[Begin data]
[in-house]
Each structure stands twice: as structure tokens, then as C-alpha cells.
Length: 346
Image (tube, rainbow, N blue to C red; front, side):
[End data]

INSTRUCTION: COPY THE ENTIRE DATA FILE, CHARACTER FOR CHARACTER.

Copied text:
[in-house]
Each structure stands twice: as structure tokens, then as C-alpha cells.
Length: 346
Image (tube, rainbow, N blue to C red; front, side):